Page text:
Everybody Loses

Tuesday, July 7th, 2009, 1:09 am

Crazy day at the World Series of Poker, one of the craziest any of us have ever seen. Today was the last day to play in the Main Event–they divide the opening into four starting days, you could’ve played on Friday, Saturday, Sunday or today. Friday and Saturday turnout was light, “only” 1,989 players in total turned out for those two days. Yesterday 1,696 players invaded the Rio, really the first day that there was enough noise and chaos and lunacy for it to feel like that Main Event.

Last night people started speculating that Day 1D might sell out. That’s never happened before at the Main Event, no player in good standing who had $10K and a desire to play has even been turned away. But last night Harrah’s issued a press release saying that Day 1D may sell out and people started emailing and tweeting that anyone who wanted to play Monday had better get to the Rio pronto.

I got to work around 11:15 and after I set up heard that there was a ruckus out in the halls. Apparently Day 1D did indeed sell out, and there were a lot of players outside who were a bit unhappy about it. By “a lot” I mean a couple hundred. And apparently at one point there were around 500 players trying to register for the Main Event, only to be told that there wasn’t room. And then I heard from two sources that over a thousand players had been turned away. I think that last number might be an exaggeration but still, it was a catastrophe for Harrah’s and the shut-out players, many of whom came from the four corners of the Earth to play in the biggest poker tournament in the world.

Rumors abounded, that Harrah’s would introduce the shut-out players as alternates, that there would be a “Day 1E” that would start at 5PM and then be folded into the smaller Day 2A starting tomorrow, and a few other possibilities. We heard that WSOP Commissioner Jeffrey Pollack was going to address a big group of the disgruntled players at 2:30PM, so me and my fellow scribes marched over to the huge room where the Poker Palooza gaming expo had been held the previous four days (a bit of a waste, and certainly not deserving of “Palooza” status). The meeting was held in a partitioned-off section of a room the size of the Astrodome, and there Pollack told the disgruntled players that no additional players would be added–they lacked the operational capacity to add more players to the field. The players didn’t like that, shouting questions at Pollack and many storming out before the end of the meeting. Rather than recount the whole meeting I’m just gonna cut-and-paste the last part of what I wrote today on the UB blog (if you’re interested check out the whole article):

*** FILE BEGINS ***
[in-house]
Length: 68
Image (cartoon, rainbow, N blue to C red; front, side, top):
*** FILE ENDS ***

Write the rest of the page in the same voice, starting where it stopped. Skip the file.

It was an unhappy outcome for all concerned. This is one of those situations where everyone had good intentions and everyone got screwed. It’s one thing to say that the players should’ve registered early, that they should’ve played on one of the earlier days…but the fields were smaller than last  year (when no players were turned away) and there was no notification on Harrah’s part (until last night) that Day 1D might sell out. And if you’re flying from New York, or Oslo, or Buenos Aires on Sunday to play Monday it’s impossible to change your plans at the last second. For many of the players in the room this was their first time to the World Series and they might not have had an idea of the sheer size and scope of the event. They thought (quite reasonably) that they could show up at noon, plunk down $10,000, and take a seat. Because that’s they way it’s always been.

But today, the World Series of Poker was a victim of it’s own success. There were 150 people in that room desperate to  give Harrah’s $10,000…and Harrah’s had to say, “I’m sorry, we can’t take it”. The WSOP is so popular that today the players strained it beyond it’s ability to cope. There are only so many tables, so many dealers, so many floorpersons available to work the tournament. If another 500 players sat down at 5pm to play in a makeshift Day 1E it might’ve caused gridlock as the Main Event tried to get through the Day 2s and Day 3 and into the money.

After the meeting was over a number of disgruntled players crowded around Tom Franklin, who acted as a spokesperson for the players. He told them to calm down, that the decision was made and it was final. One player said he couldn’t believe he was going to miss the Main Event and Franklin said, “I’ve played 30 in a row and I can’t believe I’m going to miss this one.”

About an hour after the meeting Jeffrey Pollack came up to Media Row to say that he’d be willing to discuss what happened today further during the press conference that’s scheduled for Thursday. And while he was here he said, again, “We’re going to fix this, THAT I know”. It’s unfortunate that no one, not the players nor Harrah’s, saw soon enough that something was going to break today.

Today 2,809 players took their seats in the Main Event. Which makes for a grand total of 6,494 players, creating a prize pool of $61,043,600. First prize this year? $8,548,435. Guessing how much bigger those numbers might’ve been had everyone who wanted to play been able to play is, at this point, idle speculation. It’s too late. The funny thing is that chances are 90% of the people demanding a spot in the Main Event would’ve missed the money. 90% of them will be $10,000 richer at the end of the week. That’s funny…and beside the point.

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